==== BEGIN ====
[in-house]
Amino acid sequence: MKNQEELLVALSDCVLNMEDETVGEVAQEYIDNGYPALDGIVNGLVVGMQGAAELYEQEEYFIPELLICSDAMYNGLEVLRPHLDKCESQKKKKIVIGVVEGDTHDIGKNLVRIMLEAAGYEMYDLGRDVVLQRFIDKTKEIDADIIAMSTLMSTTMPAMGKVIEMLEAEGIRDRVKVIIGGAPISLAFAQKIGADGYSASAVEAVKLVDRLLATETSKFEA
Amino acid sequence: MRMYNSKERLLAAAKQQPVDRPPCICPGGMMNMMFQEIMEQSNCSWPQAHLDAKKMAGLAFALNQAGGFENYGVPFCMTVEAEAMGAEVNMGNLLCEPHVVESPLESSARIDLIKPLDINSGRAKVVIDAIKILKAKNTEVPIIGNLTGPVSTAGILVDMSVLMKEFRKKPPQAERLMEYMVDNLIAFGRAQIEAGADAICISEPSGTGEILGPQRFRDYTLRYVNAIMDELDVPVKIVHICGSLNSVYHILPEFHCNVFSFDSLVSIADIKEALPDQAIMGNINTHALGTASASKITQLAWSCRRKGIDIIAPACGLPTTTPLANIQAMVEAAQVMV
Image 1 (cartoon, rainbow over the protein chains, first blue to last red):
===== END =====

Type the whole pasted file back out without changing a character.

[in-house]
Amino acid sequence: MKNQEELLVALSDCVLNMEDETVGEVAQEYIDNGYPALDGIVNGLVVGMQGAAELYEQEEYFIPELLICSDAMYNGLEVLRPHLDKCESQKKKKIVIGVVEGDTHDIGKNLVRIMLEAAGYEMYDLGRDVVLQRFIDKTKEIDADIIAMSTLMSTTMPAMGKVIEMLEAEGIRDRVKVIIGGAPISLAFAQKIGADGYSASAVEAVKLVDRLLATETSKFEA
Amino acid sequence: MRMYNSKERLLAAAKQQPVDRPPCICPGGMMNMMFQEIMEQSNCSWPQAHLDAKKMAGLAFALNQAGGFENYGVPFCMTVEAEAMGAEVNMGNLLCEPHVVESPLESSARIDLIKPLDINSGRAKVVIDAIKILKAKNTEVPIIGNLTGPVSTAGILVDMSVLMKEFRKKPPQAERLMEYMVDNLIAFGRAQIEAGADAICISEPSGTGEILGPQRFRDYTLRYVNAIMDELDVPVKIVHICGSLNSVYHILPEFHCNVFSFDSLVSIADIKEALPDQAIMGNINTHALGTASASKITQLAWSCRRKGIDIIAPACGLPTTTPLANIQAMVEAAQVMV
Image 1 (cartoon, rainbow over the protein chains, first blue to last red):